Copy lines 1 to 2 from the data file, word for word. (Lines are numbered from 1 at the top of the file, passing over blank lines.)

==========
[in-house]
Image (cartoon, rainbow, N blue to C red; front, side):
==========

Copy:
[in-house]
Image (cartoon, rainbow, N blue to C red; front, side):